Shop

  • It is the mid-1700s, and England’s colonists in North America are eager to explore and settle the forest frontier west of the Appalachian mountains.  This is the setting of the new book (2021), “Blood and Treasure.”  The guide to this epic narrative is America’s first pathfinder, Daniel Boone – not the coonskin cap-wearing caricature of popular culture, but the flesh-and-blood frontiersman and Revolutionary War hero whose explorations would become the stuff of legend. HARDBACK VERSION By Bob Drury and Tom Clavin
  • In the year 1771, a white boy named Marmaduke Van Swearingen was captured by the Shawnee Indians in what is now West Virginia, but was then the edge of the American frontier. Impressed with his bravery, he was not killed but instead was taken to Ohio where he was adopted into the tribe and given the name Blue Jacket, from the blue shirt he was wearing at the time of his capture. Eckert has taken all of the known facts of Blue Jacket's life and has woven them into a narrative of compelling interest, with a very different perspective on the way America was settled. The reader will learn what life was really like on the dangerous frontier wilderness that was West Virginia, Kentucky and Ohio before the Revolutionary War. By Allan Eckert
  • Bluetick Pig

    $10.00$20.00
    Jesse Stuart Junior Book Sarah Powell had worked a day for her neighbor. For her pay, she was given the choice of a quarter or a little pig who was the runt of the litter. By Jesse Stuart Edited by Cathy R. Roberts
  • Out of stock
    Oliver Elliott “Zeke” Stayner grew up during the Great Depression and returned to Peebles, Ohio, after serving in the United States Army Air Corps during World War II. Zeke wed his hometown sweetheart, became a small-business owner, and began a family, settling into the post-war American milieu, well on his way to a happily-ever-after life. That changed in a flash on the night of the Monday after Thanksgiving, 1949, when Zeke, characteristically on a mission of mercy, was brutally slain. It’s from this event that the book draws its title, with the poignant image of a wife looking for her husband, not yet knowing what she would find, on a dark, frigid, rainy night that served as both reality and metaphor. SOFTBACK By Robert E. Hawkins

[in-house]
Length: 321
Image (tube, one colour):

• Out of stock
    Border Wars of the Upper Ohio Valley is the story of the Trans-Allegheny movement in the quarter-century from 1769-1794. It embraces the area of the present United States from western Pennsylvania to the Mississippi, and from the Great Lakes southward into Tennessee. The story of this westward movement begins with the emigration of the Zane family from the South Branch of the Potomac River, from their home near Moorefield, in present Hardy County, West Virginia, to the mouth of Wheeling Creek in the panhandle of that state, and concludes with Anthony Wayne’s victory over the confederated Indian tribes at Fallen Timbers. William Hintzen’s book brings back the days of Daniel Boone, the Zane family (founders of Wheeling), Simon Kenton, Lewis Wetzel (Death Wind, as the Indians knew him), the 1777 siege of Fort Henry, the Girty brothers, Sam McCo9lloch, Betty Zane’s dash for gunpowder, the remarkable Wetzel family, Sam Brady, George Rogers Clark and Mad Anthony Wayne’s final victory at Fallen Timbers. By William Hintzen
  • Articles from the Ashland Daily Independent by George Wolfford. Compiled & Edited by David Wolfford. HARDBACK VERSION George Wolfford
  • In the little Appalachian town of Sourwood, life at the end of the Great Depression may have been tough, but it was rich beyond compare.

 Building on a distinguished body of work celebrating and preserving mountain culture, renowned writer Billy C. Clark once again revisits his boyhood during a bygone era. By Way of the Forked Stick offers four fictional stories drawn from the author's childhood experiences of the 1930s—tales that vividly convey the down-home spirit of a lost way of life. By Billy C. Clark
  • The people, the lore, even the sounds of eastern Kentucky come vividly to life in this affectionate story of a boy and his search dog. In the shadow of Sourwood Mountain, fourteen-year-old Aram Tate is absorbed in the sometimes painful process of growing up. His all-consuming passion is to own a hound dog of his very own, and his efforts to achieve this dream involve him in a series of amusing adventures which broaden his boy's-eye view of the world. Through his friendship with ne'er-do-well Eb ringtom, Aram Learns the ways of men as they never were described in books. Among the other colorful characters who contribute to the boy's education are Lighting and Napoleon, two imcomparably wily gamecocks; Thusla, Eb's great hound whose exploits can only be described as apocryphal; and Rile Feder and his dog, the bluetick Tweedle, who fears neither coon nor fox. SOFTBACK By Billy C. Clark  
  • Amid war and the fading dream of the Confederacy, a wounded soldier and a destitute widow discover the true meaning of Christmas — and of sacrificial love. By Tamera Alexander
  • Boxed Set: Five bestselling beautiful stories of love and faith ~
    • The Christmas Secret
    • The Christmas Promise
    • The Christmas Hope
    • The Christmas Blessing
    • The Christmas Shoes